Soft Fiction (courtesy of Canyon Cinema)” width=”720″ height=”516″ srcset=”×516.jpg 720w,×775.jpg 1080w,×258.jpg 360w, 1400w” sizes=”(max-width: 720px) 100vw, 720px”>

A scene from Chick Strand’s Soft Fiction (courtesy of Canyon Cinema)

The opening of Chick Strand’s experimental black-and-white film Soft Fiction (1979) evokes dizzying motion and ambiguity: in a rapidly moving landscape seen from a train, elements of nature blur into abstract lines. Then a raspy voice from off-camera intones, “Breathe in, breathe out.” This line, spoken as if we—or Strand’s female subjects — were about to be hypnotized by an invisible presence, hints at how mysterious, but also therapeutic, Strand’s film can be.

The expressive power of Soft Fiction inspired “Tell Me: Women Filmmakers, Women’s Stories,” a new series at Metrograph programmed by Nellie Killian, which features intimate documentaries about women made by women filmmakers. “I saw the film’s restoration several years ago at the New York Film Festival,” Killian told Hyperallergic via email. “Strand’s attentiveness to her subjects — their gestures, their digressions, their hesitations — is what makes it so powerful. There doesn’t seem to be any judgment or expectation, just space to talk about how events shaped the women who experienced them. Strand, as well as so many other women in the series, were making movies about women they knew and communities they belonged to.”

Killian’s statement underlines the overlap of private and political realms that characterizes most of the films presented in the series, even if very subtly at times. There are no feminist manifestos or statements of anger or resilience in Strand’s film to link it to the current #MeToo movement, yet there can be no doubt that her film is a part of feminist media histories, one that doesn’t shy from probing emotional anguish.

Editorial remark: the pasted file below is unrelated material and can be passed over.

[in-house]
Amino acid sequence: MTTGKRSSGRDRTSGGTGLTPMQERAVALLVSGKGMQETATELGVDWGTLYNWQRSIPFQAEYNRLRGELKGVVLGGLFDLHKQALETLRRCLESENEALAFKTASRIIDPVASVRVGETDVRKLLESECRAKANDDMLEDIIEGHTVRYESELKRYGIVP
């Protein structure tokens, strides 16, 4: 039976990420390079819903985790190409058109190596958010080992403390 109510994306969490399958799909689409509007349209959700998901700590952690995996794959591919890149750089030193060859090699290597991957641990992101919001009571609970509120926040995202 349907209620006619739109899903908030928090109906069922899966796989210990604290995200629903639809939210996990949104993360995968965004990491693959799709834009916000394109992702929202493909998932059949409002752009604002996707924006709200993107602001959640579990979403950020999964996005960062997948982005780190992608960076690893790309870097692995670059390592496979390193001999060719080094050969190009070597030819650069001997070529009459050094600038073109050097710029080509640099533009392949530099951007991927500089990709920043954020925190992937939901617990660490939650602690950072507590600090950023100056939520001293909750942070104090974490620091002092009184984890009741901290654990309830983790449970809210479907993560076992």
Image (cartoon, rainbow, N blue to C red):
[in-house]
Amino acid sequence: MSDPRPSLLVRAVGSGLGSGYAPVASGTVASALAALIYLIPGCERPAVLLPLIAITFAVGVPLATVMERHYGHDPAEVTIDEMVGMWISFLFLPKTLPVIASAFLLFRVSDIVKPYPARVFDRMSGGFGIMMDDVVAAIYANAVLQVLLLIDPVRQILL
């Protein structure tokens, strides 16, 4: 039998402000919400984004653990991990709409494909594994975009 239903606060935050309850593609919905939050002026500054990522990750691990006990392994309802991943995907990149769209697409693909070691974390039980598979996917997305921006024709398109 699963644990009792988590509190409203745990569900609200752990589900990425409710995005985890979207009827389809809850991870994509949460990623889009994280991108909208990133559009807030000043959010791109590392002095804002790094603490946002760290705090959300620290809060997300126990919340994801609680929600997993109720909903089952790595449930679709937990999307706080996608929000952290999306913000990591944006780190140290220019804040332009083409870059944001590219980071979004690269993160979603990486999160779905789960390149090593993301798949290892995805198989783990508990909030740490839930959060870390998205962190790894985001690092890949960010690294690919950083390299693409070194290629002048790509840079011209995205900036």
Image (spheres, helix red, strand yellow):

Strand’s approach, which she called “ethnographies of women,” emphasizes the experiential, showing voice and memory as inseparable from the body, and the body as a sensual bearer of truth. As women confess their wide-ranging secrets — from a tryst at a rodeo and memories of early sexual awakenings to incest, pedophilia, and destructive passion — Strand showers them with undivided attention. From a close-up emphasizing a speaker’s mouth and eyes, to a full-body shot of a naked woman cooking in her kitchen as she recalls being fondled as a child, the atmosphere of these scenes is both intensely domestic and performative (and never pornographic).

At times, Strand allows her camera to rove freely in domestic spaces, catching a play of shadows or light piercing dark interiors. At other times, she outlines bodies in sharp silhouette, revealing partial curves and angles reminiscent of Bill Brandt’s distorted photographic nudes. Slippery and elusive, she invites us to view the stories being told not as documentation of past experiences, but rather as a re-creation that dwells between memory and fantasy. The title’s “fiction” reminds us that the process of making meaning is necessarily partial, and that reality, like memory, is constantly being reconfigured.

A scene from Dis-Moi, directed by Chantal Akerman (courtesy of INA)

A scene from Dis-Moi, directed by Chantal Akerman (courtesy of INA)

The women in Soft Fiction assume double roles as both protagonists and storytellers, actively selecting, framing, and articulating their experiences. Strand’s film accentuates the deep urge to speak and the importance of having one’s story acknowledged as a meaningful instance of sensual or sexual experience.